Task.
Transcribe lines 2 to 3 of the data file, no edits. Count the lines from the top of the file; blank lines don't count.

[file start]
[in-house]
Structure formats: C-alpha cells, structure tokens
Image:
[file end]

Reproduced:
Structure formats: C-alpha cells, structure tokens
Image: